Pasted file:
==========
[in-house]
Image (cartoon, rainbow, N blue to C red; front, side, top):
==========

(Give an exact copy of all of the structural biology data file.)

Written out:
[in-house]
Image (cartoon, rainbow, N blue to C red; front, side, top):